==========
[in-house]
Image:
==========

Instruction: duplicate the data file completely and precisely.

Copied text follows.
[in-house]
Image: